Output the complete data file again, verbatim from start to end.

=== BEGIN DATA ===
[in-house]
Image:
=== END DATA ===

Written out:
[in-house]
Image: